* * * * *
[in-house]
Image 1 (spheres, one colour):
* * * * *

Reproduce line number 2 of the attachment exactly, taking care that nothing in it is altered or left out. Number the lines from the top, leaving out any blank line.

Image 1 (spheres, one colour):